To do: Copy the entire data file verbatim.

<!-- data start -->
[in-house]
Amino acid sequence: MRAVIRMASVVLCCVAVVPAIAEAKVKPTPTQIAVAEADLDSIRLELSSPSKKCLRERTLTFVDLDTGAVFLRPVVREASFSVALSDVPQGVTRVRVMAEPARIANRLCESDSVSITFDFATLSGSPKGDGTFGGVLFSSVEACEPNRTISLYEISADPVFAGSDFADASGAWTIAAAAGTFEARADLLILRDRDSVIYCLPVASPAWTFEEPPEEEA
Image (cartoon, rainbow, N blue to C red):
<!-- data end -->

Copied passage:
[in-house]
Amino acid sequence: MRAVIRMASVVLCCVAVVPAIAEAKVKPTPTQIAVAEADLDSIRLELSSPSKKCLRERTLTFVDLDTGAVFLRPVVREASFSVALSDVPQGVTRVRVMAEPARIANRLCESDSVSITFDFATLSGSPKGDGTFGGVLFSSVEACEPNRTISLYEISADPVFAGSDFADASGAWTIAAAAGTFEARADLLILRDRDSVIYCLPVASPAWTFEEPPEEEA
Image (cartoon, rainbow, N blue to C red):